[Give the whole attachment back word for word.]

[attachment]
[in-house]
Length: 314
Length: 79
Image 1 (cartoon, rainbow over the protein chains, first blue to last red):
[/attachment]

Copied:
[in-house]
Length: 314
Length: 79
Image 1 (cartoon, rainbow over the protein chains, first blue to last red):